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Electrophoretic extraction of adhesion-inhibiting protein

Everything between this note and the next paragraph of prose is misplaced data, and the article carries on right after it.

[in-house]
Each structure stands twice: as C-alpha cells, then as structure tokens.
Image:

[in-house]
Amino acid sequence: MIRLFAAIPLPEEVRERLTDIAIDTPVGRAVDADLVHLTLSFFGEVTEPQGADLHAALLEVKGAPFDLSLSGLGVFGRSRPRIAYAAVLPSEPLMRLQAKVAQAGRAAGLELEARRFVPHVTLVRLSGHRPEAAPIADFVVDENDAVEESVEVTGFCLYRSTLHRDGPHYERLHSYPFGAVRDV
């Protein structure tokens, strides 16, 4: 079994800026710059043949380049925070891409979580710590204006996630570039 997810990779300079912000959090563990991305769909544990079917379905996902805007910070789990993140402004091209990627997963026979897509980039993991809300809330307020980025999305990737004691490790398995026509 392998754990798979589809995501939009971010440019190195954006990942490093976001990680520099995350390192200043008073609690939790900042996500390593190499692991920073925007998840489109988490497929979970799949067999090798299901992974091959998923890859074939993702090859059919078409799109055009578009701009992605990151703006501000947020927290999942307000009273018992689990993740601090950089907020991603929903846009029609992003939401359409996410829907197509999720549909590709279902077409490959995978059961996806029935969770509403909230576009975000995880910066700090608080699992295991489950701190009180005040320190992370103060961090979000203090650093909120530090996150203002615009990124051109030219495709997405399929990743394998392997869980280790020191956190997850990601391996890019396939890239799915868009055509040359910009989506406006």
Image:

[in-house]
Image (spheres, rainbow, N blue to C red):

An aggregation inhibitory factor (AIF) has been extracted from mouse ascites teratoma cells that retards adhesion of cultured teratoma cells of the same cell line. Preliminary characterization of AIF on polyacrylamide gels suggests that AIF is a carbohydrate-free protein composed of four subunits. Extraction of AIF from ascites teratoma cells was accomplished without significant loss of viability by a novel technique involving the application of an electric field to large numbers of whole cells suspended in a hypertonic electrode buffer. Assumptions were made regarding the force developed by this field on charged transmembrane proteins in order to measure the potential of this technique for extracting proteins of possible significance in adhesion. In tests of adhesion, AIF consistently inhibited auto-aggregation of cultured teratoma cells after 5, 10, 15, and 30 minutes of incubation with cells. Furthermore, a reduced concentration of AIF resulted in a corresponding decrease in inhibition, suggesting a concentration dependent action. Further work with AIF may reveal if this factor plays a role in the adhesion mechanism of cultured teratoma cells.